Plus, by including pigments and other elements into the production process, they might provide an infinite number of design options.

Thankfully, Breton’s vision was realized and had gone mainstream, and now quartz worktops are among the most long-lasting options for kitchen and bathroom counters.

On the Mohs scale, which geologists use to evaluate the scratch resistance and hardness of various minerals, it is rated at a seven. Conversely, marble is often placed between third and fifth, while diamond is typically ranked tenth.

Quartz is very tough but not invincible due to this misconception. Quartz can be scratched or chipped, although its durability makes this unlikely with normal wear and tear.

The Quartz surfaces have a marble-like look.

Quartz countertops are the best substitute for marble if you want a surface that takes minimal maintenance and is of good quality but has a limited budget. These rocks are so similar to marble that they are almost hard to distinguish. It outperforms both granite and marble in terms of aesthetic attributes. 

Quartz is a versatile backdrop material since its veining may be either spectacular or subtle, depending on the item. Since there is a wide selection of options, you can pick one appropriate for your budget and your kitchen’s design. Furthermore, quartz countertops are stain-resistant and resistant to liquid spill damage. As previously said, this is a material that needs very little maintenance.

Quartz isn’t only great for your countertop. 

Quartz quickly conjures up visions of gleaming new kitchen or bathroom worktops in the imaginations of most homeowners. However, most Quartz slabs are used in massive quantities as flooring material in public facilities like malls, airports, and Prada shops. You’ve probably stepped across quartz countertops without even realizing it.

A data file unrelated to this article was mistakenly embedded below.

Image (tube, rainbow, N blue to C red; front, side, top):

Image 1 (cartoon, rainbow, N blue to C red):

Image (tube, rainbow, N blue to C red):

Quartz has evolved from its earliest application as hand-poured small slabs of roughly 12 by 20 inches, cut down and utilized for floor tiles by inventor Marcello Toncelli. In the mid-1970s, slabs were still only 50 inches long, making them unsuitable for kitchen countertops.

Quartz offers different design finishes.

Quartz countertops come in a wide selection of stylish, minimalist, and up-to-date styles, which is another plus. By using pigments and other materials, such as recycled glass and metal flecks, makers of quartz countertops may create practically any pattern and color you might imagine. Quartz can be fashioned into any design you may imagine, unlike more natural stones like granite.

They are versatile and may be altered to match any cabinet style, color, backsplash, or flooring. Countertops with solid colors are becoming fashionable in today’s houses, surpassing the popularity of more classic stone-like patterns. Most manufacturers offer styles that mimic the appearance of genuine stones like granite and marble.

The Takeaway: Quartz is an Excellent Countertop Choice! 

Quartz is a natural stone that can be used as a less expensive alternative to traditional stones like marble and granite. In recent years, It has become an increasingly popular material for countertop use—because it is resistant to heat and chemicals, making it an ideal material for countertops because it requires little upkeep. 

Need help in choosing your next quartz countertop in San Jose? Perhaps you want to browse a selection of high-quality and affordable granite slabs? We’ve got you covered! The team at Granite Expo is ready to provide expert advice. So give us a call at (510) 652-8882 or send us a message at info@TheGraniteExpo.com.